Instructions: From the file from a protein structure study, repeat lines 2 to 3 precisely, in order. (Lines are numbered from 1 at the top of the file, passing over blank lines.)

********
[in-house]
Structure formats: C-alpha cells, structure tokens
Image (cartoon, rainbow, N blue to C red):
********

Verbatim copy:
Structure formats: C-alpha cells, structure tokens
Image (cartoon, rainbow, N blue to C red):